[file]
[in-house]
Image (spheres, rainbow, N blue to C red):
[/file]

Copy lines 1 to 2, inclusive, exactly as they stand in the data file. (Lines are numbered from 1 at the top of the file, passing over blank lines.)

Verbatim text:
[in-house]
Image (spheres, rainbow, N blue to C red):